Monday, May 10, 2010
Cecilia Helena Payne-Gaposchkin...the Sun
Cecilia Helena Payne-Gaposchkin was an English-born American astronomer who was the first to apply laws of atomic physics to the study of the temperature and density of stellar bodies, and the first to conclude that hydrogen and helium are the two most common elements in the universe. During the 1920s, the accepted explanation of the Sun's composition was a calculation of around 65% iron and 35% hydrogen. At Harvard University, in her doctoral thesis (1925), Payne claimed that the sun's spectrum was consistent with another solution: 99% hydrogen with helium, and just 1% iron. She had difficulty persuading her superiors to take her work seriously. It was another 20 years before Payne's original claim was confirmed, by Fred Hoyle.
Cecilia Helena Payne-Gaposchkin (1900-1979), the first woman to attain a full professorship through a regular faculty promotion at Harvard University, was a pioneer in astrophysics and a leading authority on the brightness of variable stars. Her work was of fundamental importance in the study of stellar atmospheres and the research techniques that she perfected for analyzing starlight photographically were widely used and helped provide astronomers with a better understanding of the composition of stars.
Education and Research
Gaposchkin was born in Wendover, Buckinghamshire, England on May 10, 1900 to Edward Payne and Emma Pertz. Growing up in England, Gaposchkin attended both religious and private grammar schools. In 1919 she entered Newnham College at Cambridge University with the intention of studying botany, physics, and chemistry. However, after listening to a lecture by astrophysicist Arthur Eddington about solar eclispes, she decided to change her academic direction and pursue a career in astronomy. At Newnham College, Gaposchkin attended as many astronomy classes as she could, set up a telescope, and presided over the college's Science Society.
Faced with limited academic opportunities in Great Britain, Gaposchkin decided to attend school in the United States and applied for a fellowship to do research at the Harvard College Observatory in 1923. She became one of the first students in Harvard's new graduate program in astronomy. Gaposchkin continued her studies of variable stars as the first PhD student in astronomy at Radcliffe College in 1924. Gaposchkin's research work at Radcliffe involved the analysis of Harvard University's immense collection of spectra photographs, a collection consisting of tens of thousands of images. Her findings, published in her work entitled Stellar Atmospheres, A Contribution to the Observational Study of High Temperature in the Reversing Layers of Stars, determined stellar temperatures and established that stars were made up of hydrogen and helium with traces of other elements.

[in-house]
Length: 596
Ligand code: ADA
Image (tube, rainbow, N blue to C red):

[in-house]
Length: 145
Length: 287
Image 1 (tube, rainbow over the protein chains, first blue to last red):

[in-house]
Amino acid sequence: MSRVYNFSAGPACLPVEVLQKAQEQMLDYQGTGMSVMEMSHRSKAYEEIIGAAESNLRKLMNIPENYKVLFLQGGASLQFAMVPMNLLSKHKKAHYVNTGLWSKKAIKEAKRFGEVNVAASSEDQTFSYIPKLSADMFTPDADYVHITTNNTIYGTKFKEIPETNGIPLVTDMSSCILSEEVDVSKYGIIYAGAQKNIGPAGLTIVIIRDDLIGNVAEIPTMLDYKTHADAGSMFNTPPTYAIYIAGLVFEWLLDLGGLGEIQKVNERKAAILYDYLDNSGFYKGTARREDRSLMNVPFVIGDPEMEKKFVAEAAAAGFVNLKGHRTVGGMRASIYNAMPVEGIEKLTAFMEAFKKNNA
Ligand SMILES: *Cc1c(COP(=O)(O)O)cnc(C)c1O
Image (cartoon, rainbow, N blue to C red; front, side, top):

Upon graduation, Gaposchkin continued her work at Harvard as an astronomer pursuing her studies of the stars and the structure of the Milky Way Galaxy. In collaboration with her husband, Sergei, a Russian astronomer émigré working at the observatory, Gaposchkin undertook the systematic investigation of all known variable stars brighter than the tenth magnitude and published her results in 1938. Her work, Variable Stars, became the standard reference in the field. During the 1930's and 1940's, both Cecilia and Sergei, together with 29 assistants in the Observatory, made more than 1,250,000 observations of variable stars and laid the groundwork for all subsequent work on them and their use as indicators of the structure of the galaxy. Finally, in the 1960's, the Gaposchkins made more than two million photographic estimates of the stars in the two satellite galaxies of the Milky Way Galaxy, the Magellanic Clouds.
Gaposchkin entered Harvard's academic community when opportunities for women in the field of astronomy were limited. Despite her discoveries, she lacked the recognition afforded her male counterparts and received a smaller salary. In addition to her scientific work, she edited the volumes published by the Harvard Observatory and papers submitted by the staff to outside journals. She also taught a series of astronomy lecture courses. It was not until 1938 that she received a permanent appointment to the Harvard staff; in 1956 she finally received a full professorship. That same year she became chair of the Astronomy Department, the first woman to chair a department at Harvard University. She retired from active teaching in 1966.
Gaposchkin was recognized by her peers for her definitive studies of variable stars. She authored or coauthored nine books and 351 papers between 1925 and 1979. These studies of variable stars and novae were widely read by both students and astronomers and helped define the structure of the galaxy and the paths of stellar evolution.
Cecilia Gaposchkin married Sergei in 1934. They had three children: Edward Michael, Katharine Leonora (Haramundanis), and Peter John Arthur.
Cecilia Payne-Gaposchkin died on December 7, 1979
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